From Rags to Witches: The Grim Tale of Children’s Stories
6th July 2018
The Rags to Witches exhibition, located in Lakeside Arts on Nottingham’s University Park campus, explores the development of fairy tale stories over time, not shying away from their more brutal aspects. The collection displays some of the earliest surviving written versions of fairy tales, including accounts where Cinderella plans the brutal murder of her stepmother, Red Riding Hood gets eaten and summarily digested by the wolf, and Rapunzel’s Prince is blinded by some particularly thorny bushes.
The content isn’t just medieval, though. The exhibition explores Victorian children’s stories, which largely do away with fairy tale creatures in favour of rigid morality tales, focusing on religion, class and gender roles. A tale that particularly stood out to us was that of the untimely death of Henry King who chewed bits of string until they tied in ugly knots inside. Unfortunately it seems Victorian medicine wasn’t up to the task of saving him from his fate.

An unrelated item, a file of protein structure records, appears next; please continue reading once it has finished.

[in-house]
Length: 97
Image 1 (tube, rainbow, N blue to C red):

We were lucky enough to speak to Kathryn, who worked to set up the exhibition and revealed that it had been curated by staff from Manuscripts and Special Collections at the University of Nottingham. Taking us through the exhibition, she explained the way that fairy tales have changed and adapted from archaic to present-day, and explored the transition from literature to other types of media, including film and music. Kathryn explained how children’s stories often came to represent the ideals of the day, and how the remain a representation of morality for children to internalise.
Though small, the exhibition was hugely interesting, and jam-packed with gruesome details guaranteed to make even the biggest Disney fan squirm.